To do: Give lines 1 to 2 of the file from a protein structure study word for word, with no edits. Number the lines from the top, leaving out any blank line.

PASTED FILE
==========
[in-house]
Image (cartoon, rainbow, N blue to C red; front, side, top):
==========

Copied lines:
[in-house]
Image (cartoon, rainbow, N blue to C red; front, side, top):